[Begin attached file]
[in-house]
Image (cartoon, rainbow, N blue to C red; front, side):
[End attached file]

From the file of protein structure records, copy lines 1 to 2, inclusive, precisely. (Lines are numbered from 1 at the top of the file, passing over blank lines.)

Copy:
[in-house]
Image (cartoon, rainbow, N blue to C red; front, side):